France border closure will not affect hauliers, says Shapps

Clay Curtis
January 30, 2021

Friday, French Prime Minister Jean Castex announced that France will close its borders, starting Sunday, to flights coming from non-European Union (EU) countries, "unless there is compelling justification", in an attempt to curb the spread of the COVID-19 pandemic.

It comes after thousands of hauliers were left stranded in Kent in December when France closed its borders following the discovery of a fast-spreading coronavirus strain in the UK.

From Sunday all but essential travel from outside of the European Union will be banned. However, I can confirm that this does NOT apply to hauliers, so trade will continue to flow smoothly.

All arrivals from inside the European Union will also now have to present a negative polymerase chain reaction (PCR) test - with the exception of cross-border workers.

The French Prime Minister said that "the next few days will be decisive" in terms of any possible new restrictions.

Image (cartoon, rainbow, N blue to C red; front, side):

The decision has been made in a bid to avoid a national lockdown - coronavirus cases have recently spiked in France.

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Public health officials said it is nearly certain that there are more infections that have not been identified yet. A preliminary analysis found over half of the trial participants who became infected had the mutated version.

France will close all large shopping centers starting Sunday and limit travel to and from its overseas territories.

He also pledged that police would crack down on secret parties and illegal restaurant openings. "Let's be very vigilant", Mr Castex said.

In total, France has confirmed over 3.15 million cases and witnessed more than 75,000 fatalities due to COVID-19. There are just over 20,000 new COVID-19 cases a day in France, but studies have shown the number of cases of more contagious variants of the virus has been growing rapidly.

Around 3,000 patients are now in intensive care, a level comparable to October, when the second lockdown started - and ended in mid-December - Mr Veran said.

In contrast, Italy said on Friday it would move more areas into less-restrictive rules from Monday, despite health officials warning it was risky.

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